Marital strife has become a serious reality for my couples during the Coronavirus lockdown and many are struggling. In this article, guest author, Mark Taylor, shares some ideas for how to deal with marital problems during this time.
In Steven Soderbergh’s 2011 film, Contagion, Gwyneth Paltrow dies due to a virus, after she cheats on her husband, Matt Damon.
But this film is not the only place where there might be a relationship between a deadly virus and marital strife.
As the quarantine and lockdown restrictions started to ease in Xian and Dazhou, in China, a new problem started to emerge.
The cities where millions of people were placed under lockdown saw record numbers of divorce filings upon the easing of restrictions.
Experts believe that many countries across the world could see a similar trend, as restrictions are eased.
Unfortunately, that’s not all!
The world has also witnessed a considerable spike in the number of cases of domestic violence during the coronavirus lockdown.
The French police reported a 30% increase in cases of domestic violence.
India, China, Australia, and Spain are witnessing similar situations as well.
Stress, Anxiety, and a Pandemic
You might be surprised to know that even divorce is seasonal!
It was found that between 2001 and 2015, the divorce rate consistently peaked twice a year in Washington State, according to research by University of Washington sociologists.
It was found that the maximum filings were in August and March, following the summer and winter holidays.
These are the periods when many families go on a vacation and spend extended periods of time with each other.
The lockdown has managed to replicate this situation, only without the pleasures of vacation and possible increased levels of marital strife.
Couples are staying home with each other, 24/7.
Plus, the schools are shut, so the children are home too.
This has led to many parents having to complete their daily tasks as well as help children with their studies and keeping them fruitfully occupied through the day.
On top of that, there is the added anxiety of economic uncertainty.
It could be common for people to have marital strife over trivial issues that they might have never witnessed before the lockdown.
Maintaining a Healthy Relationship Through Coronavirus
But all is not doom and gloom.
There are certain things that you can do to deal with marital strife and ensure that your marriage stays healthy during this volatile period.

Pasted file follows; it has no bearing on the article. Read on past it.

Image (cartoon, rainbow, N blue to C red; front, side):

Embrace Personal Space
Most partners usually get some personal time when at least one of them leaves home for work.
But with most people working from home, that is no longer the case.
This can be particularly difficult for those living in smaller homes.
That is why it can be a good idea for couples to get some personal time, even if it is just 30 minutes a day.
During this time, you can try to meditate, or put on a pair of headphones and just relax.
Sex is Not Always Great
Sex can be a great stress buster.
But only if both partners want it, which is not always the case in the current situation with an increased level of stress, anxiety and marital strife.
Stress has been found to considerably lower sex drive.
In fact, Britney Blair, a clinical psychologist, and sex therapist in Northern California, in an interview with CNN said, “Stress hampers libido for about 85 per cent of us.”
And if you are among the other 15%, pushing for it can lead to more marital strife in your marriage.
In case you feel the problem is becoming too big to handle on your own, consider therapy.
Just because you cannot step out of the house does not mean you cannot get therapy or help to deal with marital strife.
There are plenty of counsellors offering online sessions using a video conferencing platform.
These platforms are generally HIPAA compliant to ensure the security of your data.
They can be highly effective during these difficult times to help you cope and deal with marital strife and other related problems.
Apart from this, it is, important to maintain a healthy lifestyle.
It has been observed that during such volatile times, alcohol consumption goes up, which can have an adverse effect on marriage, according to an article published by the American Psychological Association.